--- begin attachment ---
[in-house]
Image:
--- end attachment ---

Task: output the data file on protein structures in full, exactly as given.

[in-house]
Image: